HB 1088 – Potential Impeachment Disclosures/Brady List – effective July 25, 2021
Requires each county prosecutor to develop and adopt a written protocol no later than July 1, 2022 regarding:

  • The types of conduct that must be disclosed.
  • How Brady/potential impeachment disclosure information should be shared and maintained, and what circumstances an officer may be removed from the Brady/potential impeachment disclosure.

It also requires:

  • Local Brady/potential impeachment disclosure protocols to be reviewed every two years.
  • The Criminal Justice Training Commission to provide online Brady/potential impeachment disclosure training.
  • Law enforcement agencies to report Brady/potential impeachment disclosures within 10 days.
  • Law enforcement agencies, prior to hiring an officer with previous law enforcement experience, to inquire and verify whether the officer has ever been subject to a Brady/potential impeachment disclosure.

HB 1320 – Protection Orders – effective July 25, 2021 and July 1, 2022

  • Consolidates and amends laws governing protection orders for domestic violence, sexual assault, stalking, anti-harassment, vulnerable adults and extreme risk.

SB 5055 – Grievance Arbitration Panels – effective July 25, 2021

  • Establishes a rotating pool of law enforcement grievance arbitrators at the Public Employment Relations Commission (PERC).

SB 5259 – Law Enforcement Data Collection – effective July 25, 2021

  • Requires the State Attorney General to contract with a college or university to establish and administer a Washington law enforcement use-of-force reporting system.
  1. Gov. Jay Inslee & State Legislature have effectively put law enforcement in a dangerous situation in dealing with criminals & hoodlums. They have taken most of the effective tools in combating crime away, and have left the police in a no win situation in their enforcement duties. Why would any person want to go into law enforcement in this state with so much stack against you as a police officer ! Watch crime rates rise as if they are not already high !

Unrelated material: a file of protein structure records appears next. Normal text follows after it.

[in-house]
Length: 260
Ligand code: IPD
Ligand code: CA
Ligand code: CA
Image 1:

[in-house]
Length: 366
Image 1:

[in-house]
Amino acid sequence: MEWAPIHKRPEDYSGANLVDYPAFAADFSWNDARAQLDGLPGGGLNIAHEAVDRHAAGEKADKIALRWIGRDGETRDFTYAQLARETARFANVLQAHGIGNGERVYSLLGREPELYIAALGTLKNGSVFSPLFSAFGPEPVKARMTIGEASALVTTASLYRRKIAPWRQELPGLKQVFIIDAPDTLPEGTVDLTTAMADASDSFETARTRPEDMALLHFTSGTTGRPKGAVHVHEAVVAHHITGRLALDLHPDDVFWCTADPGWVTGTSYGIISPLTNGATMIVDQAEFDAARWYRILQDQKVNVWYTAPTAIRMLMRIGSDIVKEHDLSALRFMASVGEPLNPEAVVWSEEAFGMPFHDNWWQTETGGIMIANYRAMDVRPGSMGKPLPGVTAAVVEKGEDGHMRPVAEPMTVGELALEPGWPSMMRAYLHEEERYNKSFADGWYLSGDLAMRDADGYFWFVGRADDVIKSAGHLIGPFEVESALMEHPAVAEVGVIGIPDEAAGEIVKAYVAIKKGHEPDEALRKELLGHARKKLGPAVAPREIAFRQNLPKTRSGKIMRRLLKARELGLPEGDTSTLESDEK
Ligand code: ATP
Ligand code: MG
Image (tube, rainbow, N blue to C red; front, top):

1. If people wake up & smell that the drug war has been nothing of an improvement on society, that it’s created more misery for others than any act of merely taking a drug (which is a universal right) then maybe things wouldn’t be where they are today. Cops use these tools on the wrong people. It’s a big scam that’s finally getting some long overdue attention. Long way to go though. As far as violent criminals? That’s a whole different subject…

    1. Just an FYI that the link is included in this article too, when Brady is first mentioned.

  2. you not only put the police at greater risk but you put the citizens of Washington state at greater risk due to not taking the criminals off the streets, if the criminals are treated with kid gloves they are going to do anything they want just ask the family of the officer who was shot and killed last night in the Vancouver area these laws are going to have more police killed.
    I hope all those whom voted for this are going to live with them selves when this starts to happen and it will happen.